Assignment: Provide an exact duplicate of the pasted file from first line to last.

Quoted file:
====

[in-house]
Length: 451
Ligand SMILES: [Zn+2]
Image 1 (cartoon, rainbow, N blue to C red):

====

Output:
[in-house]
Length: 451
Ligand SMILES: [Zn+2]
Image 1 (cartoon, rainbow, N blue to C red):